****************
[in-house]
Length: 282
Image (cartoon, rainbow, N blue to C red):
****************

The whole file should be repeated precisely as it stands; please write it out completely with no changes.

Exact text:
[in-house]
Length: 282
Image (cartoon, rainbow, N blue to C red):